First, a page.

Download this Paper Open PDF in Browser

Visions of Justice: Shakespeare and Duch’s Proposed ‘Return to Humanity’

55 Pages Posted: 24 Oct 2011  

Will Fitzgibbon

Australian National University - ANU College of Law

Date Written: 2010

Abstract

Completed in the first half of 2010, this thesis received a First Class and was supervised by Professor Margaret Thornton.

This article provides an analysis of the story and the trial of the Khmer Rouge official, Kaing Geuk Eav, alias Duch, in the Extraordinary Chambers in the Courts of Cambodia (ECCC) through a Shakespearean lens – particularly drawing upon three plays; The Winter’s Tale, Coriolanus, and Richard III. Duch’s Defence Counsel Mr Francois Roux contended that the real question of Duch’s trial was whether ‘the hearings would allow one who has exited from humanity to return to humanity’. Using Shakespearean exempla, the essay examines the persuasiveness of Duch and his Defence team in its effort to have Duch ‘return to humanity’. This article first details Duch’s life and crimes. In what follows, this article analyses through a Shakespearean lens strengths and weaknesses of the Defence’s appeal for Duch’s ‘return to humanity’ in light of his alleged recognition of guilty and expression of remorse.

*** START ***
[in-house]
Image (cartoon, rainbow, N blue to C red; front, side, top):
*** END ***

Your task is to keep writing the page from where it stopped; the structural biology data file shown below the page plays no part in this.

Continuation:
Keywords: Law and Literature, The Extraordinary Chambers in the Courts of Cambodia, ECCC, Duch, Shakespeare, The Winter’s Tale, Coriolanus, Richard III

Suggested Citation

Fitzgibbon, Will, Visions of Justice: Shakespeare and Duch’s Proposed ‘Return to Humanity’ (2010). ANU College of Law Research Paper No. 11-32. Available at SSRN: https://ssrn.com/abstract=1948272 or http://dx.doi.org/10.2139/ssrn.1948272

Will Fitzgibbon (Contact Author)

Australian National University - ANU College of Law ( email )

Canberra, Australian Capital Territory 0200
Australia

Paper statistics

Downloads
44
Abstract Views
388